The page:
1 package active dry yeast (= 2 1/2 teaspoons)
Bread Machine method:
Add all ingredients in order to your bread machine. Set on the dough cycle. When cycle is done (usually 1 1/2 hours for most bread machines)
By hand method:
Heat the milk in a small saucepan over low heat until it's just warm (110-115F)
Remove pan from heat and pour milk into a small bowl. Stir in the yeast and 1 cup of the flour. Cover the bowl with plastic wrap and let rest for 10 min.
Combine the butter, sugar, salt and eggs in a mixer bowl with a paddle attachment (or food processor). Add the remaining 1 1/2 cups flour and process until smooth.
Add the yeast mixture and process again until smooth. Turn the dough onto a lightly floured surface and knead 5 minutes, until smooth and elastic.
For mini brioches:
Preheat oven to 375 degrees.
Place 15 mini brioche tins on a baking sheet. Lightly spray with organic canola oil. Divide dough into 15 pieces, pulling a little piece off for the top. Roll into balls. Place larger ball into brioche tins, then make an indentation with your finger in center of each. Lightly brush with egg wash and top with smaller ball (the "tete" which means head in French). Brush the head with egg wash, cover lightly with clean towel and allow to rise in warm spot 20-30 minutes.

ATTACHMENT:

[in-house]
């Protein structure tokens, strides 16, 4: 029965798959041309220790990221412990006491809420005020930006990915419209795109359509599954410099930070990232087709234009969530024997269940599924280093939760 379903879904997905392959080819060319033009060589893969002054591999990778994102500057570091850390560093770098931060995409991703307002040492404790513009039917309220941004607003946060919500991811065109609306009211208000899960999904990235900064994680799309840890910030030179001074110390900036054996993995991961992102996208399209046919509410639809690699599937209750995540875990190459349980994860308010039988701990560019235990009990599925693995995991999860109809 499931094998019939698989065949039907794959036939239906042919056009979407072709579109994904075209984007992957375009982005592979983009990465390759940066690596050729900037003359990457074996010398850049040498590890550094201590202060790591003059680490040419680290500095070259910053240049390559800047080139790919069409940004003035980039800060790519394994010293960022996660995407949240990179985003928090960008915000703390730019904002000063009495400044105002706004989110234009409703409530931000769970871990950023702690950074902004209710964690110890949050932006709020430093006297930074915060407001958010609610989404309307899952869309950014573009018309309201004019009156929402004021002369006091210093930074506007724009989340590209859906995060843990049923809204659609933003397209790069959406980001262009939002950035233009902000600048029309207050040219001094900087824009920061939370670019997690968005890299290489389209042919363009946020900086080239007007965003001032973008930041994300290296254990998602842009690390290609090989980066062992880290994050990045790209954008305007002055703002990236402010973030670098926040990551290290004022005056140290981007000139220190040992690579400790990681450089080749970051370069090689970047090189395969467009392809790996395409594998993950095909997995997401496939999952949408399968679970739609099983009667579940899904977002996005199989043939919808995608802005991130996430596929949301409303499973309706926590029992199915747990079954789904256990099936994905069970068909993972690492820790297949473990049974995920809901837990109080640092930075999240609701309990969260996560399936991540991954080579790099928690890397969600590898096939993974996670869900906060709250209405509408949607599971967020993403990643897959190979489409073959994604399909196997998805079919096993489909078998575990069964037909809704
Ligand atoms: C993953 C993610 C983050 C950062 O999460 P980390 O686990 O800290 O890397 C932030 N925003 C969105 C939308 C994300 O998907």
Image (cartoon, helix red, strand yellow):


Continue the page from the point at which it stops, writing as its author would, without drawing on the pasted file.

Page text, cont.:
Bake for 15-20 minutes, until golden brown.
For a loaf:
Preheat the oven to 375F.
Shape the dough into a loaf and place into 8 1/2 or 9 inch non-stick loaf pan. Cover the pan with a clean dish towel and allow rising for about an hour.
Preheat the oven to 375F. Using a sharp knife, score the loaf length wise with a sharp knife. The score the loaf 3 times at equal intervals across. This makes a professional looking loaf and helps it bake evenly. Bake for 25-30 minutes, until golden brown.
Remove from pan and place the loaf on its side on a cooling rack. Alternate side after 5 minutes (this prevents the loaf from compressing)
Posted by Luisa
Saturday, November 27, 2010
I was craving open faced turkey sandwiches today, which is good considering all the leftover turkey from Thanksgiving we need to use! I found a recipe online but tweaked it a bit (real butter instead of shortening & half the amount of sugar). It resulted in a light, fluffy bread, perfect for open face sandwiches - or any sandwiches for that matter! This recipe makes 2 loaves.